>> before and the profits are, in turn, larger. Apple and Google are
>> passing oil companies by far. Minecraft got sold for $2.6 billion and
>> WhatsApp for like $19 billion. These are insane amounts of money for
>> nothing. That is why the internet and capitalism are so in love with
>> each other.
>> **You told me the internet is broken, that it was always broken. What
>> do you mean by that and do we have extreme capitalism to blame for
>> it?**
>> Well, the thing is the internet is really stupid. It works really
>> simply in a simple manner and it doesn't take any adjustments for
>> censorship. Like, if one cable is gone, you take the traffic through
>> some other place. But thanks to the centralization of the internet,
>> (possible) censorship or surveillance tech is a whole lot harder to
>> get around. Also, because the internet was an American invention,
>> also still have control of it and ICANN can actually force any
>> top level domain to be censored or disconnected. For me that's, a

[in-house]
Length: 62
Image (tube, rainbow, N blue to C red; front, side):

>> really broken design.
>> But it has always been broken, we just never really cared about it,
>> because there always have been a few good people that made sure that
>> nothing bad happened before. But I think that's the wrong idea.
>> let bad thing happen as quick as possible so we can fix them and make
>> sure it does not happen in the future. We are prolonging this
>> inevitable total failure, which is not helping us at all.
>> **So, we should just let it crash and burn down, pick up the pieces
>> and start over?**
>> Yes, with the focus on the big war on this extreme capitalism. I
>> couldn't vote, but I was hoping Sarah Palin won last time in the US
>> elections. I'm hoping Donald Trump wins this year's election. For the
>> reason that it will fuck up that country so much faster then if a
>> bad President wins. Our whole world is just so focused on money,
>> money, money. That's the biggest problem. That's why everything fucks
>> up. That's the target we have to fix. We need to make sure that we
>> going to get a different focus in life.